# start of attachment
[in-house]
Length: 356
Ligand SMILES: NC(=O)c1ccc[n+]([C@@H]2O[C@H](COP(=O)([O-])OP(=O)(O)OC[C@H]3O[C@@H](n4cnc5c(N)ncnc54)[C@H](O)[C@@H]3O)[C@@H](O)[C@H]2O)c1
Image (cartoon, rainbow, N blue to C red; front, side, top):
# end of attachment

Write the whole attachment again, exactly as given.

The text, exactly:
[in-house]
Length: 356
Ligand SMILES: NC(=O)c1ccc[n+]([C@@H]2O[C@H](COP(=O)([O-])OP(=O)(O)OC[C@H]3O[C@@H](n4cnc5c(N)ncnc54)[C@H](O)[C@@H]3O)[C@@H](O)[C@H]2O)c1
Image (cartoon, rainbow, N blue to C red; front, side, top):